The American Medical Association has published a detailed report and recommendation to all of its physician members that they assist caregivers, answer their questions, and present their recommendations regarding the elder's physical and medical conditions. The report also recommends that the physician be actively involved in counseling the patient to hang up the car keys.

Here are some hints for determining your mom or dad's ability to drive:

Ride along: Take a ride or three with your parent and observe his or her physical ability in controlling the vehicle, staying within the lane, how turns are handled, the driving speed, ability to scan from left to right, any visual susceptibility to glare, and for any possible confusion in traffic. Do your observations simply, without nagging or distraction. Make notes upon return, for you may need to share them with an expert.

Check the vehicle: Periodically and without fanfare, check the outside of the car for any possible dents or scrapes.

Accompany your parent at least once to every medical specialist and service or treatment center and, and have him or her sign a release of confidentiality form naming you as a relative with whom they can share any and all medical and mental information without their violating federal confidentiality laws. If your relative is on Medicare, you can check the Explanation of Benefits (EOB) statements he or she receives after each medical visit or payment. This will ensure that you are aware of every one and service involved medically. These steps will guarantee that you can ask questions and express concerns privately as well as invoke professional assistance.

Research other available transportation for if and when mom or dad must quit driving. A call to the local Area Agency on Aging can learn about Dial-A-Ride, public transit, specialized transit (door-to-door service typically by minibuses) and even volunteers who provide chauffeur service. And talk to your siblings, children and other relatives to be volunteer drivers when in need.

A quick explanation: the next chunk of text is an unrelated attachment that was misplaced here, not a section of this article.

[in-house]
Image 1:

If you determine that mom or dad is still capable of driving, suggest they enroll in a Mature Driving course. Such enrollment may even qualify your parent for a discount on auto insurance.

Here is why you should not jump to a decision or conclusion that mom or dad should no longer drive.

Taking the car keys removes the parent's independence, the ability to drive to the market or to meet friends for coffee, to church and the senior center, the library or to visit friends. The experience can be traumatic.

As the caregiver, you may also have to deal with other relatives who may be too quickly judgmental and even emphatic that the keys must be taken.

Involve mom or dad in the consideration and decision. You may find a positive reaction when talking candidly with them, and they will understand your care and concern for their safety.

If you feel that it is time for them to hand over the keys, recognize that you may run into resistance. This is understandable. However, if that is the case, there are several ways to legally revoke your loved one's license. You just have to find a tactful, loving way to approach this topic.

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Leonard Hansen has hit the nail right on the head..... for sure!

I remember when I had to talk with my Dad. He listened quietly not saying much; but I knew by his manner that he was taking it in. When the time came, later that day, to go to the grocery store; I asked him to come with me and I drove his car.